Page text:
Every field of endeavor, whether it’s engineering, cell technology or even landscaping, has a set of current trends.   While our pace of evolution might not be as swift, landscape design styles and landscape element change as well whether it’s a backyard in Chicago, Naperville or Frankfort.

What’s hot right now in the residential landscape?   Fire features, pergolas and separation of social spaces are the landscape trends in the Chicago market.   

Fire Features

Fire features are still the most requested item I hear from homeowners when I do a consultation.   Gas fire tables, gas fire pits, natural wood-burning fire pits and fireplaces are integrated into at least a third of back yards I design.   

Maybe it’s reconnecting with our primordial instincts but I feel that gathering around the fire is driven by the desire for family time that is truly ‘together time’.  Roasting marshmallows or sitting around the fire with hot chocolate on a crisp October evening doesn’t require a cell phone or iPad to make the time pass.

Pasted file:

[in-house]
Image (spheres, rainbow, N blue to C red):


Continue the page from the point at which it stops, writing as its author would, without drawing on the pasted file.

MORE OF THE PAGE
In many ways fire features have replaced the old Philco radio and fireside chats from the 1930’s.    Real conversations happen and so fire in the landscape still remains hot (forgive the corny pun).


Also trending heavily in backyard landscape design are wood structures, mostly pergolas.   Pergolas meet our need to define our space with a sense of security and they perform that function nicely.   Installing large trees for shade may not be realistic based on space or may not provide the immediate shade desired.  If the beams, joists and rafters are woven tightly enough, pergolas are ‘instant shade’.   

Pergolas are still mostly a custom built item and cedar is the preferred material of choice by most designers and architects.   While a bit more expensive than treated wood, cedar structures look better and last longer.

Separation of Space

And finally, design that provides separation of space has become a homeowner request that is trending upward.   What exactly does that mean?  Oversized patios that are built as multi-use tools are out.   

Individual patios for dining, relaxing, or sitting around a fire are definitely in.   Those individual spaces may be connected by walkways or stepping stones, but individual outdoor rooms that are can easily be identified make much more sense.   

It relates back to the inside of your home. If you had one big space on the first floor and you could see from the kitchen into the living room and beyond into a library it might work, but would certainly be an odd visual.  That’s why individual outdoor rooms have become increasingly popular.